A Foreigner’s Hurdles to Buying a Home in the U.S.

Immigrants and foreign workers in the U.S. had a breath of fresh air when President Joe Biden was officially inaugurated. For them, it means more freedom to live and work in the country. The Biden administration showed intent to lift Trump’s anti-immigration policies, after all.

But despite Biden’s actions so far, activists say that the president must do more to prove his commitment to a meaningful change. With the extension of the proclamations 10014 and 10052, the ban on immigrant and non-immigrant visa holders in the country, anxiety is still widespread. As such, many non-citizens may still find it hard to buy or rent real estate in the U.S.

Generally speaking, though, many lenders are willing to offer the best mortgage loan rates to non-citizens. What if you don’t have a credit history in the U.S. yet? Not a problem, because many lenders will still extend credit to you. You may even qualify for government-issued mortgages, which require a lower down payment.

Overall, non-citizens can definitely own a home in the U.S., but it will take more work — and overcoming challenges. That said, here are the hurdles you may face when buying a home:

1. Documentation Challenges

The main hurdle to getting a mortgage as a non-citizen is proving that you fit the risk profile. Though many lenders are willing to give you a loan, you still have to present proof of your employment and income. This is where it’s more advantageous to be a citizen. Americans only need to show their W-2 forms and tax returns to lenders.

If you haven’t been in the U.S. for long, or don’t live in the U.S. most of the time, it can be tricky to prove your creditworthiness. Just because you may find a good lender doesn’t mean you can skip this step. But of course, there’s a way around it.

Create an account with an international bank that has U.S. branches. Bank statements will allow you to show your income records to a lender. As a result, lenders may become more willing to take a bet on you, even if you don’t have an American credit report.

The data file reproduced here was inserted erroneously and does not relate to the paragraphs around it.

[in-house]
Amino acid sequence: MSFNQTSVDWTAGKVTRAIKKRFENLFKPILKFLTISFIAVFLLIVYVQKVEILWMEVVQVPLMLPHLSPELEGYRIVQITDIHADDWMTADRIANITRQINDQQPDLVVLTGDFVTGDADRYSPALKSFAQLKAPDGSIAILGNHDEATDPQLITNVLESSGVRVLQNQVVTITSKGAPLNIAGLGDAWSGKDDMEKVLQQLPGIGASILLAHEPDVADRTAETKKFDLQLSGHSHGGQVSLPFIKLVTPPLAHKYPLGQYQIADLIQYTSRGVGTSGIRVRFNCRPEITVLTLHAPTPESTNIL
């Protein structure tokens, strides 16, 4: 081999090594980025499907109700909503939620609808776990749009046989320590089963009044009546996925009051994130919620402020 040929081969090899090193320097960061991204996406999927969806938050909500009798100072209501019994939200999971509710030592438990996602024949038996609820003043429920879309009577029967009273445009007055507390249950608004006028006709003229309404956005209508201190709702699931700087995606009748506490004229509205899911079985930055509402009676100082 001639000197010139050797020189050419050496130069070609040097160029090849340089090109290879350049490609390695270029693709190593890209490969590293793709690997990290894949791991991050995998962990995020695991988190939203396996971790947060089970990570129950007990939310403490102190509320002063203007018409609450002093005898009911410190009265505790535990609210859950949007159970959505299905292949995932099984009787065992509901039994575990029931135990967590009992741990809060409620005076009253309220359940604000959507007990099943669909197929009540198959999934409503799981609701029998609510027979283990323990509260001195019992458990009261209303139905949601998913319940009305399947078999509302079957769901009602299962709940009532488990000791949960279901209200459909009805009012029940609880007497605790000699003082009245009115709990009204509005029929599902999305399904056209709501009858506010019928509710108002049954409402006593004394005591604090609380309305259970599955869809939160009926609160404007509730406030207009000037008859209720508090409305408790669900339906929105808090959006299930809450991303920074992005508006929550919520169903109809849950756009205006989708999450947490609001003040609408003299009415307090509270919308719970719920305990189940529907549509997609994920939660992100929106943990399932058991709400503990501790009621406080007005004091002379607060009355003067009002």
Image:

Some lenders may also order international credit reports in place of a credit report from the three major U.S. credit bureaus. But this process is generally an option only for residents of Canada, the UK, and Ireland.

2. Your Residency Status

Your residency status is a major factor in determining your requirements. Most borrowers are either:

  • Green cardholders
  • Non-permanent residents with a working visa
  • Foreigners with a primary residence outside the U.S.

It’s easier to get a mortgage if your residency status is one of the first two. Prominent mortgage companies usually have the same guidelines for both green cardholder and non-permanent resident borrowers. However, you’ll have a longer list of requirements if you’re a non-permanent resident. Foreign nationals, on the other hand, may appear too risky of a borrower, so lenders tend to require a bigger down payment for them.

beautiful beige house

3. Lack of Affordable Housing

Chances are you’ll rent a place first before shopping for your own home in the U.S. But the monthly rent, upfront deposit, and insurance costs pose great obstacles. You’ll barely be able to pay for those if you haven’t got a job waiting for you in the U.S. yet.

You may also be unaware of the rules and regulations regarding the rental sector. In addition, some private landlords may increase your rent or add more administrative conditions to your contract. This leads many immigrants to resort to illegal renting, pr to settle for poor housing conditions.

4. Substandard Housing

Before you can afford to buy a house, chances are you’ll put up with a substandard dwelling. These houses are usually plagued with maintenance and sanitary issues. They’re also far away from essential services such as healthcare, retail stores, and public transportation.

5. Landlords Exploiting Non-citizens and Immigrants

Non-citizens and immigrants are prone to discrimination by landlords. Aside from increasing your rent, a landlord may also deny you rights to maintenance and repairs. If you call them out, they may threaten to report you to authorities. When you experience this, stand your ground and correct your landlord. The law actually forbids them from discriminating against and threatening their tenants. They are also not allowed to increase rents unjustly.

Times may be better in the U.S. now, but non-citizens and immigrants continue to experience discrimination. Your success in the country doesn’t guarantee that you can buy a home easier either. But if you find a good lender, you can significantly reduce the hurdles. Every challenge you’ll tackle will be worth it once you get the keys to your first home.

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